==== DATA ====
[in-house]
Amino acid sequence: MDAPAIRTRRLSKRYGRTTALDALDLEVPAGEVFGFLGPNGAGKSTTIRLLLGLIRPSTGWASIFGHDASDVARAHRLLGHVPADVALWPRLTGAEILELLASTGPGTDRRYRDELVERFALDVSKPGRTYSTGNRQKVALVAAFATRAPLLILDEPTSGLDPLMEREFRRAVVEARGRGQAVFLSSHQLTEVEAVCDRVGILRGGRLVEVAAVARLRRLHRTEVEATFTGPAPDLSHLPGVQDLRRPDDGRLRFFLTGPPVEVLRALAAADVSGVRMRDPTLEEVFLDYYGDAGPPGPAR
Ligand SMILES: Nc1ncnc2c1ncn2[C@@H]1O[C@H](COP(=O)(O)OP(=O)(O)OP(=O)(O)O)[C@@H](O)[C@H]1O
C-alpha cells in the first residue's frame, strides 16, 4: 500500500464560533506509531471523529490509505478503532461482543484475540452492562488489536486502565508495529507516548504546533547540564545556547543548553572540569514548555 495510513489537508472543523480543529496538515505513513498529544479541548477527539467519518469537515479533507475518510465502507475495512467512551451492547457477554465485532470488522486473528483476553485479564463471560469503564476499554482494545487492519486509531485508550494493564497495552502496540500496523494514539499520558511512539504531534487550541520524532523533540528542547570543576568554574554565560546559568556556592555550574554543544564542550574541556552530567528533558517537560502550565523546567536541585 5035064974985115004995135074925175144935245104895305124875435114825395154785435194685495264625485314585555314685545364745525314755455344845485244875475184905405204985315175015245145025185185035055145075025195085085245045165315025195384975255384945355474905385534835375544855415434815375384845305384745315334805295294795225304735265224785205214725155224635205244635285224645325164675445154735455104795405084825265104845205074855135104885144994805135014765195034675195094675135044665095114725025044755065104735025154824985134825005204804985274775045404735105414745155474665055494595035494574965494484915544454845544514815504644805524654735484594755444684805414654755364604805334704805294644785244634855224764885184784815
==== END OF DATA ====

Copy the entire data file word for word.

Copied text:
[in-house]
Amino acid sequence: MDAPAIRTRRLSKRYGRTTALDALDLEVPAGEVFGFLGPNGAGKSTTIRLLLGLIRPSTGWASIFGHDASDVARAHRLLGHVPADVALWPRLTGAEILELLASTGPGTDRRYRDELVERFALDVSKPGRTYSTGNRQKVALVAAFATRAPLLILDEPTSGLDPLMEREFRRAVVEARGRGQAVFLSSHQLTEVEAVCDRVGILRGGRLVEVAAVARLRRLHRTEVEATFTGPAPDLSHLPGVQDLRRPDDGRLRFFLTGPPVEVLRALAAADVSGVRMRDPTLEEVFLDYYGDAGPPGPAR
Ligand SMILES: Nc1ncnc2c1ncn2[C@@H]1O[C@H](COP(=O)(O)OP(=O)(O)OP(=O)(O)O)[C@@H](O)[C@H]1O
C-alpha cells in the first residue's frame, strides 16, 4: 500500500464560533506509531471523529490509505478503532461482543484475540452492562488489536486502565508495529507516548504546533547540564545556547543548553572540569514548555 495510513489537508472543523480543529496538515505513513498529544479541548477527539467519518469537515479533507475518510465502507475495512467512551451492547457477554465485532470488522486473528483476553485479564463471560469503564476499554482494545487492519486509531485508550494493564497495552502496540500496523494514539499520558511512539504531534487550541520524532523533540528542547570543576568554574554565560546559568556556592555550574554543544564542550574541556552530567528533558517537560502550565523546567536541585 5035064974985115004995135074925175144935245104895305124875435114825395154785435194685495264625485314585555314685545364745525314755455344845485244875475184905405204985315175015245145025185185035055145075025195085085245045165315025195384975255384945355474905385534835375544855415434815375384845305384745315334805295294795225304735265224785205214725155224635205244635285224645325164675445154735455104795405084825265104845205074855135104885144994805135014765195034675195094675135044665095114725025044755065104735025154824985134825005204804985274775045404735105414745155474665055494595035494574965494484915544454845544514815504644805524654735484594755444684805414654755364604805334704805294644785244634855224764885184784815